A record number of players participated in the Etchebaster Cup held January 27 through January 29 at the Racquet & Tennis Club, thanks to the enthusiastic promotion of the event by the Tournament Committee lead by Mike Gooding, head tennis pro at the R&T. To make the event further interesting to players with 30+ handicaps[1], the Tournament Committee added a consolation draw for players who did not win in their first match of the event, guaranteeing all players at least two matches and a chance to compete either for the cup itself or for the first and second prizes in the consolation draw.  A large and enthusiastic crowd enjoyed watching the many matches played on both the East and West Courts, especially on Friday evening and Saturday.


Mike Gooding, NY Head Pro, is flanked by finalist Ryan Carey and winner Brook Hazelton.


The finalists for the Etchebaster Cup, Ryan Carey (of Prince’s Court) and Brook Hazelton (playing guest at the R&T last summer), dominated the field winning most matches in two sets and leaving their opponents little quarter.  The first set of the finals was very close, with Hazelton beating Carey 6-4 in a very hard fought battle with long rallies and stunningly good play by both finalists.  In the second set, Hazelton bested Carey to take the match and the cup 6-0 in play that was much closer than was implied by the score.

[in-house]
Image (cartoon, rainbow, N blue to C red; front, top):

The consolation draw had a series of tight matches, each single eight-game sets, ending in a final match between Bill Royan and Tyler Hathaway.  Royan overcame an early lead by Hathaway to tie the set at 6-6 and then took the next two games to win the set and first prize in the consolation draw, 8-6.

            The success of this year’s Etchebaster Cup was helped in no small part to the excellent marking skills of Mike Gooding and Andrew Fowler (assistant pro at the R&T) and the much needed assistance of Josh Bainton of Newport and Kenny Jacobs of Tuxedo.

[1] Entry rules permit anyone to participate who (1) has less than a year’s experience, regardless of handicap, (2) has less than two years’ experience and a 25+ handicap, or (3) regardless of experience, has a 30+ handicap.